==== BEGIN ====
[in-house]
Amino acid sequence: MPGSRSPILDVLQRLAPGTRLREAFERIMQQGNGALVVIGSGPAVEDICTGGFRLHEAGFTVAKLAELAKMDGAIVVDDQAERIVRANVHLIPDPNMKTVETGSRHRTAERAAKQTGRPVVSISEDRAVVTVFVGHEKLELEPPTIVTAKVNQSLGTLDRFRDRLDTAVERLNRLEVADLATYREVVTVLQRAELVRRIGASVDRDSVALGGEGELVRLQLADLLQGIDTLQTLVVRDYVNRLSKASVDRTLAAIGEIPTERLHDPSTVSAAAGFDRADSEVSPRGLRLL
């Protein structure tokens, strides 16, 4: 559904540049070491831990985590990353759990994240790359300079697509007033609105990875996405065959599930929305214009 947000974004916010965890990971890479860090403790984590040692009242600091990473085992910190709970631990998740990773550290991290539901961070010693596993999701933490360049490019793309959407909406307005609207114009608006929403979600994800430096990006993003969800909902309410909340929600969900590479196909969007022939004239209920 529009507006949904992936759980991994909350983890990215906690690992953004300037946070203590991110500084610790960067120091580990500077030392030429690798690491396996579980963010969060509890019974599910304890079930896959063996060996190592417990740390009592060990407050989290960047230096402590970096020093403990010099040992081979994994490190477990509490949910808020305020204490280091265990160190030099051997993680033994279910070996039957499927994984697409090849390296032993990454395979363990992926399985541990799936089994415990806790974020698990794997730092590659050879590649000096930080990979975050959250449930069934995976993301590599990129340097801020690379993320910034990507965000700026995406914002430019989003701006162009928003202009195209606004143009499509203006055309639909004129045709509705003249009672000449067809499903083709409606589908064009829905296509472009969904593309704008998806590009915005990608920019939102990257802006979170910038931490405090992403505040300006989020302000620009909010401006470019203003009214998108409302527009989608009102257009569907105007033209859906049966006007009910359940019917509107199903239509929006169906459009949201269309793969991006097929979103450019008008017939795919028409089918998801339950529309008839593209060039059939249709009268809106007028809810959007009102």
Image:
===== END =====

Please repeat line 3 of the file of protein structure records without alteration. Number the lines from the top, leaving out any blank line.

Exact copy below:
């Protein structure tokens, strides 16, 4: 559904540049070491831990985590990353759990994240790359300079697509007033609105990875996405065959599930929305214009 947000974004916010965890990971890479860090403790984590040692009242600091990473085992910190709970631990998740990773550290991290539901961070010693596993999701933490360049490019793309959407909406307005609207114009608006929403979600994800430096990006993003969800909902309410909340929600969900590479196909969007022939004239209920 529009507006949904992936759980991994909350983890990215906690690992953004300037946070203590991110500084610790960067120091580990500077030392030429690798690491396996579980963010969060509890019974599910304890079930896959063996060996190592417990740390009592060990407050989290960047230096402590970096020093403990010099040992081979994994490190477990509490949910808020305020204490280091265990160190030099051997993680033994279910070996039957499927994984697409090849390296032993990454395979363990992926399985541990799936089994415990806790974020698990794997730092590659050879590649000096930080990979975050959250449930069934995976993301590599990129340097801020690379993320910034990507965000700026995406914002430019989003701006162009928003202009195209606004143009499509203006055309639909004129045709509705003249009672000449067809499903083709409606589908064009829905296509472009969904593309704008998806590009915005990608920019939102990257802006979170910038931490405090992403505040300006989020302000620009909010401006470019203003009214998108409302527009989608009102257009569907105007033209859906049966006007009910359940019917509107199903239509929006169906459009949201269309793969991006097929979103450019008008017939795919028409089918998801339950529309008839593209060039059939249709009268809106007028809810959007009102």